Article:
Annotation:Ferguson's Rant

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X:1 T:Ferguson’s Rant M:C L:1/8 R:Reel B:James Aird – Selection of Scotch, English, Irish and Foreign Airs, vol. 3 (Glasgow, 1788, No. 468, p. 181) N:”Humbly dedicated to the Volunteers and Defensive Bands of Great Britain and Ireland” Z:AK/Fiddler’s Companion K:G (d/c/)|TB2 (AG) (DG)(BG)|(FA)(dA) DGBG|TB2 AG (DG)(BG)|TB2A2A2 dc| BGDG cAFA|dBGB ecAf|gfed cBAd|TB2G2G3:| |:g/a/|bgdg Bdgd|gdBg BdgB|cedc BGdB|c2 BA A2 dc| BGDG cAFA|dBGB ecAf|gfed BdAd|B2G2G2:|]

FERGUSON'S RANT. Scottish (originally), English, Irish; Hornpipe. G Major. Standard tuning (fiddle). AABB. The tune was first printed by Glasgow publisher James Aird in his Selection of Scotch, English, Irish and Foreign Airs, vol. 3 (1788). The tune, almost identical to that printed by Aird, was entered into the c. 1850 music manuscript collection of Manchester, England, musician biography:John Roose. O'Neill picked up the tune for his O'Neill's Irish Music (1915), although the melody has no apparent Irish musical character. Anne Gilchrist[1] noted that, in her experience, the Rant was a name rather loosely applied of various lively dance-tunes, but properly seemed to her to have belonged to a quick 2/4 time melody. However, as this hornpipe suggests, it was applied to a variety of meters.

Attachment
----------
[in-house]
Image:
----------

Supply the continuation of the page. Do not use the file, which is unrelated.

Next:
Perhaps O'Neill associated the title with a man named Ferguson whom he honored with a sketch in Irish Minstrels and Musicians (1913). Great Piper Charles Ferguson, a blind musician "said to have been a native of Limerick," who played "in and out" of the large hotels in Dublin in the early 19th century, toured America and Canada in 1851 as an accompanist to the singer Catherin Hayes. Ferguson stayed on afterwards and settled in New York, where he acquired a handsome set of pipes made by Michael Egan. The Great-piper was said to have learned most of his music from a cleric named Dr. Tuohy (Bishop of Limerick, 1814-1828), who himself was a piper, and Ferguson's forte was airs and slow music. O'Neill records that an aging Ferguson eventually married a widow from Brooklyn, and dropped out of sight of the Irish music community soon afterwards.

Additional notes
Source for notated version : - O'Neill's version is note-for-note that of Aird, who must have been O'Neill's source.

Printed sources : - Aird (Selection of Scotch, English, Irish and Foreign Airs, vol. 3), 1788; No. 468, p. 181. O'Neill (O'Neill's Irish Music), 1915; No. 370, p. 178.

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  1. Gilchrist, Anne. "Old Fiddlers' Tune Books of the Georgian Period", JEFDSS, vol. 4, No. 1, Dec. 1940, p. 18.